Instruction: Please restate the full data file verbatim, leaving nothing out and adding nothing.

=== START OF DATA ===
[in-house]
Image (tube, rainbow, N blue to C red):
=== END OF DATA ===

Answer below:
[in-house]
Image (tube, rainbow, N blue to C red):